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Re: Buying backpacking equipment. Any tips?

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Buying backpacking equipment. Any tips?
October 16, 2014 06:12PM
I am looking to buy a backpack, stove, sleeping bag, etc. Websites to research?
I tried a search here, but not much luck so far.

Looking 70 liters or more for the backpack. As a dad, I have a feeling that I will be carrying more than my share, so probably will need a pack that is big.
I am 6 foot(19 inch torso), the pack size is on the upper range of medium / lower range of large, depending. I went to REI and tried on a couple.



Edited 1 time(s). Last edit at 10/22/2014 08:01AM by snorkus.
avatar Re: Buying backpacking equipment. Any tips?
October 16, 2014 06:33PM
Let's break this apart...

Sleeping Bag: Where, and when, do you plan to backpack? I have a 40 degree, 20 degree, and 0 degree bag. The 0 degree is only useful in the Sierra in winter. 20...typical for 3-season Sierra use, though I was happy with my 40 last weekend in Little Yosemite. 40...very useful in areas closer to the coast. So let's assume you're buying one bag to start, you'll want something in which you can survive during the worst of what you could encounter while being happy in the normal case.

Some of the other items will depend on the "where and when" question, for example tent, stove, water filter/purifier/whatever, etc.
Re: Buying backpacking equipment. Any tips?
October 16, 2014 07:15PM
Lots of venues, sales, end-of-the-year, on-line places to buy gear...lots of options/ lots of opinions -
If you can honestly say you are in this for the long term, not just a passing fancy...(You're sure?)*

After you have searched, done your due-diligence homework... (workmanship - size - weight - fit - cost - reviews)...narrowed things down to but a few "wise" choices,

Always buy the better...never skimp/settle on the major pieces.
(It will save you having to buy things a second time).

*...if not sure, rent or borrow first.



Edited 1 time(s). Last edit at 10/16/2014 07:16PM by markskor.
Re: Buying backpacking equipment. Any tips?
October 17, 2014 09:38AM
Quote

If you can honestly say you are in this for the long term, not just a passing fancy...(You're sure?)*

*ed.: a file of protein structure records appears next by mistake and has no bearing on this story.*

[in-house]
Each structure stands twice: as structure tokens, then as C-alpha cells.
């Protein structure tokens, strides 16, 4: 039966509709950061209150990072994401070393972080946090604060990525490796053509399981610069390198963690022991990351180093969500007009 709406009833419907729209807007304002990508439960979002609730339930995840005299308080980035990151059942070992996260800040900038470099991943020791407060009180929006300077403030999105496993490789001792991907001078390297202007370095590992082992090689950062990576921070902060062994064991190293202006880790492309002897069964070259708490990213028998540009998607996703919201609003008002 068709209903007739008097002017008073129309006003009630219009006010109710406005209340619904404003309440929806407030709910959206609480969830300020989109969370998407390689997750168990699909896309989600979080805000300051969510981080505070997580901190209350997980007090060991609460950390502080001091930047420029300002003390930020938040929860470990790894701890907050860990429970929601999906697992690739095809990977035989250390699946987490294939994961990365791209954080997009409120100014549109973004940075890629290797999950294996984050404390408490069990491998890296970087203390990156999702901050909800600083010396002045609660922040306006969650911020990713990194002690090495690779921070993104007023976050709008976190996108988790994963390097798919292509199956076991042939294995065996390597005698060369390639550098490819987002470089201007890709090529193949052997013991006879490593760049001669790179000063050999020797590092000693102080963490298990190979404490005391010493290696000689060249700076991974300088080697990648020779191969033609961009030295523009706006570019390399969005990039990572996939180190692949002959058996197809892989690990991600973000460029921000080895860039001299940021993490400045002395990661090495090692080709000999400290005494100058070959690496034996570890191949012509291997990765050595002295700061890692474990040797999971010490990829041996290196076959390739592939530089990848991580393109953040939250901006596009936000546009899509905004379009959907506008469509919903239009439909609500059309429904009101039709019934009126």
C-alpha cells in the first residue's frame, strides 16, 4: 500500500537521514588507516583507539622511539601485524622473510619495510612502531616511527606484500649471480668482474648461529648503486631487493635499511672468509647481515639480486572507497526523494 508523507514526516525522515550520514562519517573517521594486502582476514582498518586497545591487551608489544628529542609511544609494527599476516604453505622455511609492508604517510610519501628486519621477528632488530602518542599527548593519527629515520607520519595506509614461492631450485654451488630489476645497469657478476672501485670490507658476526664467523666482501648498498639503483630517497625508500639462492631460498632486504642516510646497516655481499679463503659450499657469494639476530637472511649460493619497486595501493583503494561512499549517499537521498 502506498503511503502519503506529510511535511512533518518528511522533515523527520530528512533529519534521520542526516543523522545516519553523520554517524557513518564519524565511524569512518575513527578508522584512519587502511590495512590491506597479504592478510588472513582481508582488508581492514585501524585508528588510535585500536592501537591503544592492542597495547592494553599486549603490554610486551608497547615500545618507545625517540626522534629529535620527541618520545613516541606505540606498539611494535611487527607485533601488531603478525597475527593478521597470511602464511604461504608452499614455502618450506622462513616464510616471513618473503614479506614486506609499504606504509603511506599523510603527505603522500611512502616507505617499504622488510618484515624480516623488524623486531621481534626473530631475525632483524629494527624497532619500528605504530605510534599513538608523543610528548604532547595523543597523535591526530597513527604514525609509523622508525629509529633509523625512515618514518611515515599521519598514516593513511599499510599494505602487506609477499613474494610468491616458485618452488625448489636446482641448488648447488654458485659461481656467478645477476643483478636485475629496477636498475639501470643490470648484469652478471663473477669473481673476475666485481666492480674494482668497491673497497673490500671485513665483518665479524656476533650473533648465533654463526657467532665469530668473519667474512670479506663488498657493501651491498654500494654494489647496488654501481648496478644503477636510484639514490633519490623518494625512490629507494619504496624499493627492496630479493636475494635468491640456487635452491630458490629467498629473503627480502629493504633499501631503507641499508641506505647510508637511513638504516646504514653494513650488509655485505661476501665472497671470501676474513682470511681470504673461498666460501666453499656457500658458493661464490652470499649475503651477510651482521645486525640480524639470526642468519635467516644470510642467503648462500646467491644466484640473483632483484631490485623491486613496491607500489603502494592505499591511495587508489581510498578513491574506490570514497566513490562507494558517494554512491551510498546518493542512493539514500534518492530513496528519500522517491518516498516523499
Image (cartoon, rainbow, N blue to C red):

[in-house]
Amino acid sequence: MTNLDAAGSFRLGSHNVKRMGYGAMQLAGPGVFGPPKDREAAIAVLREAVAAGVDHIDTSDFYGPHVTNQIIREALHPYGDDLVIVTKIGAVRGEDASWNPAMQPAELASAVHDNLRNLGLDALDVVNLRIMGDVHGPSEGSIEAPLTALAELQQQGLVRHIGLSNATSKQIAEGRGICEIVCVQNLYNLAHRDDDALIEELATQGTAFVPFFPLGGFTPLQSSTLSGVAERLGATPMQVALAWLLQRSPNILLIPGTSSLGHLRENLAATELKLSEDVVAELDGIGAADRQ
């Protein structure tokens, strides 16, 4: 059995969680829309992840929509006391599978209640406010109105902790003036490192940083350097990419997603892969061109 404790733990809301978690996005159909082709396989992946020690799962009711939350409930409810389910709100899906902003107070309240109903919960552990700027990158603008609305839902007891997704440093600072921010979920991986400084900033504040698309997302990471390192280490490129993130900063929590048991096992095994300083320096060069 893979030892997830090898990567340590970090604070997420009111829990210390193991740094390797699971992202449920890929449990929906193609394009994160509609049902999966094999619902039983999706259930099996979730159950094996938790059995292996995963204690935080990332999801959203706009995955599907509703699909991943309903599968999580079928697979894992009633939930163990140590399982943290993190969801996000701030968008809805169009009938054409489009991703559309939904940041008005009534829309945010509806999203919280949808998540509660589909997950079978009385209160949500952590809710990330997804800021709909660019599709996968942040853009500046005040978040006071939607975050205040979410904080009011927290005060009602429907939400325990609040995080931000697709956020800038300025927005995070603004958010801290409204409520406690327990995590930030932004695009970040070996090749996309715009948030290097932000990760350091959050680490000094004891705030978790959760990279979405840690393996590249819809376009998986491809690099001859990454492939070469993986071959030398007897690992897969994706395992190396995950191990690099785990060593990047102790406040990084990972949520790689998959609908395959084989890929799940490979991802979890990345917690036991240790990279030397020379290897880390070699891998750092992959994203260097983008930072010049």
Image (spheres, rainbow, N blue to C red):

My present backpack is a Kelty external frame backpack that is about 25 years old (gulp) from my late 20's early 30's. I am more getting back into it and need to seriously update all of my equipment. As I get closer to retirement (55) next year, I know that I want to do more outdoors stuff.

I plan to 3-season backpack in the Sierra, mostly summer for now, but will get into fall and Spring.
Re: Buying backpacking equipment. Any tips?
October 17, 2014 12:18PM
"I know that I want to do more outdoors stuff. I plan to 3-season backpack in the Sierra..."


The thing is, good backpacking equipment can get expensive, but lasts...Cheap stuff works too, for a while... but doesn't last.
Great gear (read light, well-made, works well) and you are confident - styling!...
Cheap gear...well, not so much.
If long term use anticipated - always buy the best that you can afford, first time around.
A good rule to follow is keep your Big 5 items - Tent, pack, bag, pad, stove - as close to 10 pounds (or less) for summer High Sierra, and the rest will take care of itself.

If I was buying everything new, going Sierra high, 3-season, and had the available cash to spend on anything I wanted today...
Figure ~$2,000 - and that's "on sale"/ careful shopping, (or more), especially if you buy cheap first, realize why that was a bad decision, then rebuy the good stuff again later on...
(FYI, this is how we all did it.)
Western Mountaineering sleeping bag - I carry the Badger.
Tarptent - Rainbow?
Pad - Prolite+ short -
Backpack - McHale or? (I carry an older Gregory Deva...size 60)...bottom line whatever backpack selected: contains all gear needed, fits you best, holds the weight comfortably all day, and hopefully, is the lightest..
MSR Windpro or other remote canister stove...I actually cook.
YMMV.

Bearikade Weekender...
Water treatment ?
fishing gear?
Waterproof rain shell?
fleece?
Down vest? (again WM.)
Boots/trail runners?
Headlamp?
Tilley?
Sun glasses?
...adds up quick.